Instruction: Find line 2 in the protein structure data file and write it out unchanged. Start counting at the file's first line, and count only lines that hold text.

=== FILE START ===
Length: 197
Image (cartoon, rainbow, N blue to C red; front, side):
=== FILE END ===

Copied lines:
Image (cartoon, rainbow, N blue to C red; front, side):